Dear Rabbi

Is there ever any sense or justification for bearing a grudge? My wife and my sister-in-law haven’t spoken in months. I thought Yom Kippur would thaw things but my wife is holding onto her grudge. Does Halacha have a perspective on this? Can you cite me sources please that I can share with her.


Dear Katie

The Talmud (Megila 28a) quotes Rabbi Nechunya HaGodol’s secrets for longevity, one of which was that he didn’t bear a grudge (“I was forgiving with my money”). Code of Jewish law (Orach Chaim 606:1) says one should not be resistant to forgiveness. The Rama (ibid) rules: One should not be stubborn about forgiveness. Maimonides (Laws of Teshuva 2:10) defines someone who refuses to forgive as “cruel.” The Midrash (Tanchuma Chukas) cites the Biblical story of Abraham and Avimelech observing that “as soon as the Philistines said ‘we have sinned’ Avraham immediately forgave them.” The Sefer HaTanya (Chapter 12) quoting the Zohar says, “as soon as there arises from his heart to his mind some animosity…or a grudge and suchlike, he gives them no entry into his mind.”

From a psychological perspective, sensible people don’t hold grudges and understand that it’s better to forgive and forget than to let their negative emotions crowd out their positive feelings. Holding a grudge has a lot of detrimental effects on your wellbeing, including increased depression, anxiety, and stress. Why let anyone who has wronged you have power over you?

As the Tzemach Tzedek once said: “Adults hold grudges whereas children don’t hold grudges.” And he asked: “But adults are mature, children are immature. Why then does the child abandon the grudge while the adult can let it linger for day, weeks, sometimes even years?” And he answered: “Because children would rather be happy than be right. Adults would rather be right than be happy!” The grudge drags me down, it makes me feel despondent. But I don’t care! I’ll hold it for as long as I can, because I am right!” You want to be happy in life, go rediscover the child within.

Spiritually speaking, one should not harbour a grudge because of the principle of mida kineged mida – measure for measure. If we act more forgivingly towards others, then G-d will act the same towards us.

Finally, there’s the Sefer Hachinuch which makes the point that as everything is ultimately divinely ordained we need not bear any grudges, recognising that this too is part of some Divine plan. In the words of Joseph to his brothers when they pleaded before him, begging his forgiveness for selling him to Egypt: “You didn’t send me here, G-d did.” That’s high ground but each of us can get there.


Dear Rabbi

In the words of the Torah portion last week, it says, “and he shall rule over you.” This has always troubled me. Does that mean that the husband gets to put his foot down? Does the wife ever get to put her foot down? Are there any exceptions?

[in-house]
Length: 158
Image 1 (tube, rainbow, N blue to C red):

Dear Amy

Neve is keen for a third child. Judy puts her foot down: “We agreed only two!” Batya stopped covering her hair. Zalman puts his foot down: “This is unacceptable! You’re not the woman I married!” (Names have been changed to protect identity). These are two, more extreme examples where one might assume there is no room for compromise. They both involve critical decisions, one life altering and the other, fundamental Halacha. The aggrieved parties ought to be able to put their foot down because of a basic breach of trust. Yet one ought to consider, where will that lead? In either instance there is an inevitable impact on sholom bayis which supersedes all else. Needless to say in such extreme cases professional and spiritual authorities ought to be consulted. That is the essence of compromise. In lesser examples, a compromise can and must always be sought between the couple themselves.

There is an ancient custom for a groom to step with his right foot on the left foot of the bride just before the finale of a Chupah, to reflect his dominance over her. Those who advocate for this have their spiritual reasons. The dissenters of the custom suggest it is a breach of the Biblical verse, Tamim tiheye im Hashem Elo-kecha – “You shall be whole with G-d…”

This begs clarity. No explanation is offered as to the correlation between the custom and the mitzvah of Tamim tihyeh – being whole with G-d. I would posit, per the observation of our Sages: “If man and woman are worthy then the Divine presence dwells amongst them.” This is alluded to by the fact that ish meaning man and isha meaning woman are made up of the same letters but that Ish (man) has the Hebrew letter Yud and Isha (woman) has the Hebrew letter hay, the two letters making up the name of G-d. Thus when man and woman are on equal footing, the two letters of G-d’s name are together – whole – tamim tiheyeh. As I often say to a groom before he steps on the glass, “may this be your only and final time putting your foot down!”